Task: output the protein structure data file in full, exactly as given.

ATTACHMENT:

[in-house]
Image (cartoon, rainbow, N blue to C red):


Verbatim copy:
[in-house]
Image (cartoon, rainbow, N blue to C red):